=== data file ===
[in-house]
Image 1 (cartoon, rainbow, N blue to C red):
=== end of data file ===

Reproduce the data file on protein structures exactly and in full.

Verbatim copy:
[in-house]
Image 1 (cartoon, rainbow, N blue to C red):